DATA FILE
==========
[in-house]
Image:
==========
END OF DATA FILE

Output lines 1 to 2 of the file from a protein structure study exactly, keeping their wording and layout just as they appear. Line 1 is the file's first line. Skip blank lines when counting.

[in-house]
Image: